"The State Department has been pursuing very similar eradication policies in Latin America, with very little success so far," he said. "In Afghanistan we cannot afford that kind of thing, because we are dealing with a country that is at the nexus of the war on terror. It's not about drugs, it's about Afghanistan going back to the Taliban."

Barnett Rubin of New York University's Center on International Cooperation, has served as a special advisor to the United Nations on Afghanistan. He also says economic development is the key.

"Where are our programs to expand irrigation? Where are our programs for agricultural credit and debt relief? Rural electrification? The effort is a fraud," Rubin said. "Afghanistan needs a concentrated effort to bring development and security, but because the Bush administration never took Afghanistan seriously, immediately went to Iraq, and has always under-funded Afghanistan, we do not have anything like the programs we need."

Rep. Mark Kirk, R-Ill., says the situation is drastic and strong law-enforcement action is required. "This will be an unprecedented crop," he said, calling the anti-narcotics effort "a disaster" whose failure has "dramatically fueled the resurgence of the Taliban."

When the House Appropriations Committee convenes next week to discuss Afghanistan. Kirk said he would call for aerial spraying,

"Aerial spraying is critical to the success of the program," he said, adding that its deterrent effect would likely mean that only a few fields would have to be sprayed before farmers agreed to grow legal crops, even if they're less lucrative.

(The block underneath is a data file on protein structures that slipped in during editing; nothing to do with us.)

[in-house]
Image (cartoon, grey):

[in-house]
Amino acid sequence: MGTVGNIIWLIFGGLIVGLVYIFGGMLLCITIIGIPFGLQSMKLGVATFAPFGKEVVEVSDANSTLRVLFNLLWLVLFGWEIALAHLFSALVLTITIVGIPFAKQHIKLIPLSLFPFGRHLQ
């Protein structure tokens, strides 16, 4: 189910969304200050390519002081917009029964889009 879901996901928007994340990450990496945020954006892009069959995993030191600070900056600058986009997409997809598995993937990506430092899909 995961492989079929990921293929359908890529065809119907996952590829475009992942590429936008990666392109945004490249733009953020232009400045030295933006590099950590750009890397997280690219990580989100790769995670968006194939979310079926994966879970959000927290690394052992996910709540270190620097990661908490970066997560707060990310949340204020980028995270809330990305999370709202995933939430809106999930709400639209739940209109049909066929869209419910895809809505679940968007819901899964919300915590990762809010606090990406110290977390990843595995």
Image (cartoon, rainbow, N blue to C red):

"The minute they hear a neighbor has been sprayed, they will self-eradicate their fields and see what money is available in the alternative development programs," Kirk said.

But that would alienate farmers trying to eke out a living and make governing even harder, said Ashraf Haidari, political counselor at the Afghan Embassy in Washington. A major reason for the increase in poppy growing this year is the failure of Afghanistan's allies to provide enough money so Afghan officials "could deliver the assistance we promised the farmers, the alternative livelihoods," he said.

Last week, Karzai called for a new strategy against opium, saying the current effort has failed. His plan appears to partly resemble what the United States intends to introduce, because both would set regional eradication goals based on what other local options farmers have.

While the Afghan government has the final say over policies enacted in its country, the United States has a good deal of influence and, because of the money it contributes, is in a position to help reward regional officials who succeed.

Mohammed Nabi Hussaini, a senior official in the Afghan Ministry of Counter Narcotics, applauded the idea of firing or prosecuting regional officials who fail to deliver because of corruption, while rewarding those who perform.

"Eradication is without doubt the deterrent factor in controlling poppy cultivation," he said.

Ali Jalali, a former Afghan interior minister who worked closely on the anti-narcotics effort, said he believes the U.S.-led program will work over time.

Schweich, the No. 2 official at the State Department's International Narcotics and Law Enforcement division, will meet in two weeks in Kabul with representatives from Britain, Afghanistan and other allies to plan the new policy.